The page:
Psychology Colloquium: Dr. James MacKillop, McMaster University

Dr. James MacKillop, McMaster University
Director, Peter Boris Centre for Addictions Research, Department of Psychiatry and Behavioural Neurosciences

Title
Applying behavioural economics and neuroeconomics to understand addiction: a translational approach

Abstract
Behavioural economics refers to diverse lines of inquiry that integrate principles and methods from psychology and economics to understand decision making. More recently, behavioural economics has been further hybridized with cognitive neuroscience to identify the underlying neural substrates of choice preferences. As maladaptive decision making for alcohol, other drugs, or certain behaviours is a pathognomonic feature of addictive disorders, these conditions are increasingly examined through the lens of behavioral economics. In this presentation, I will focus on one specific form of behavioral economic decision making, delay discounting, or the degree to which a person prefers smaller immediate rewards compared to larger delayed rewards. In doing so, I will emphasize a translational approach, integrating behavioral, neuroimaging, genetics, and clinical findings.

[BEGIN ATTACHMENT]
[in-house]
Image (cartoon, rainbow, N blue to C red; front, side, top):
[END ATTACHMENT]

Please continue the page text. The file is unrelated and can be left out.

About

James MacKillop. Photo: McMaster University

James MacKillop is Peter Boris Chair in Addictions Research and Director of the Peter Boris Centre for Addictions Research, and a Professor of Psychiatry and Behavioural Neurosciences at McMaster University. To date, Dr. MacKillop’s research has generated over 160 peer-reviewed publications and other works, and he has been Principal Investigator or Co-Investigator on numerous grants from the National Institutes of Health, the Robert Wood Johnson Foundation, the Alcoholic Beverage Medical Research Foundation, and other extramural funders. His work has been recognized by a career award from the National Institute on Alcohol Abuse and Alcoholism, the G. Alan Marlatt Award for Distinguished Scientific Early Career Contributions from the Society for Addiction Psychology, and the Young Investigator Award from the Research Society on Alcoholism. In addition to his own research, he is active in peer review, serving as Field Editor for the journal Alcoholism: Clinical and Experimental Research, Associate Editor for Nicotine and Tobacco Research, Assistant Editor for Addiction, and as a standing member of the Clinical and Health Services Review Subcommittee of the National Institute on Alcohol Abuse and Alcoholism.


Annually the Department of Psychology hosts a Colloquia Series throughout the academic year.